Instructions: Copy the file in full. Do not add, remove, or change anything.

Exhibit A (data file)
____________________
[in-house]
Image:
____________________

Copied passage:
[in-house]
Image: